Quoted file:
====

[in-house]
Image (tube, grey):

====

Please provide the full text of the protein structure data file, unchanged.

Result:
[in-house]
Image (tube, grey):